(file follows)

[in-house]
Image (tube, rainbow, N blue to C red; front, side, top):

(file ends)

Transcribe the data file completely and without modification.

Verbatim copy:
[in-house]
Image (tube, rainbow, N blue to C red; front, side, top):